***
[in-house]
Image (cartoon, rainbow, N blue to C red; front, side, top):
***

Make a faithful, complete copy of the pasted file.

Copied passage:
[in-house]
Image (cartoon, rainbow, N blue to C red; front, side, top):